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ICCSD plans more community engagement for boundary talks

Drawing the line, take five

IOWA CITY– The introduction of yet another set of secondary school attendance boundaries was met with disapproval and disappointment from ICCSD community members.
Administration presented the fifth round of boundary scenarios at the Tuesday, April 28, board meeting with three maps making the cut so far.
The first was 5B, previously referenced as 4B, which did not change from its last iteration. This map takes into account geographic areas while also balancing demographic distribution.
Scenario 5C was a completely new map that was solely based on geographic features, using the Iowa River as the east-west boundary and Oakdale Boulevard as the north-south boundary. This map did not make any adjustments for demographic equality across secondary schools.
The final map, largely favored by board members, was 4F, now renamed 5F. This map created the most balance, demographically, between secondary schools, though it creates an island of Kirkwood Elementary students, who would be in the North Central/Liberty High attendance zone– despite being closest to North West Junior High.
The district began the community engagement process Monday, May 4, with a listening post at South East Junior High. Another will be held Thursday, May 7, at 7 p.m. at North West Junior High.
Board members each gave their opinions on which scenario seemed to be the best fit for the school district.
Director Patti Fields was uneasy about several of the scenarios that put schools close to or at capacity, a concern the district had previously when opening new schools.
“It’s very difficult two years later to explain why we have temporary buildings because it’s a new building,” Fields said. “We can do it in a smarter way.”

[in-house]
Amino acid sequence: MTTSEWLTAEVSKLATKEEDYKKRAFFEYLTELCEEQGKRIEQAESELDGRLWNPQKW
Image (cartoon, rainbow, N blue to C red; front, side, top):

Fields favored scenario 5F but felt it was necessary to give Kirkwood students, a population with high free and reduced lunch (FRL) numbers and low socio-economic status (SES), the option to attend North West Junior High instead of North Central.
North West is within walking distance of the entire Kirkwood attendance zone.
Director Tuyet Baruah agreed that this scenario would be a disadvantage to students who already have more education barriers than those who come from families with higher SES.
Earlier in the year, families whose children attended Van Allen Elementary expressed displeasure that their students would not be attending North Central Junior High and Liberty High. That scenario was since been revised.
“If we’re willing to allow kids with higher SES the opportunity to go to schools closer to them, then we should allow children who come from families with lower SES the same opportunities because they actually have more barriers that make it more difficult for them to actually engage in…activities,” Baruah said. “And transportation becomes an issue as well.”
Baruah suggested that despite the communities past rejection of split feeder systems, it could be a viable option for this scenario.
Kirkwood parents were displeased with this option, many feeling it was unfair to split groups because some may have the means to attend North Central while others would not.
Director Brian Kirschling worried that giving Kirkwood students a choice in junior high attendance would push North West past its capacity further down the road.
While that option could put the school at capacity, Superintendent Stephen Murley assured the board that even if 100 percent of Kirkwood students choose to enroll, North West would still be operable.
Regardless of junior high choice, Kirkwood students would still attend Liberty for high school.
Finding a balance between geographic proximity and demographics has been an ongoing struggle for the board and administration.
Options that placed the emphasis on maintaining neighborhood schools were entertained, but it was found that they did not also balance student demographics, a high priority for the school board.
“All of the geographic options aren’t balanced, it’s not even close,” President Chris Lynch said.